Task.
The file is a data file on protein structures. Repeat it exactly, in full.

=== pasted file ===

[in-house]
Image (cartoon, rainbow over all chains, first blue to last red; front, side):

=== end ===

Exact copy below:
[in-house]
Image (cartoon, rainbow over all chains, first blue to last red; front, side):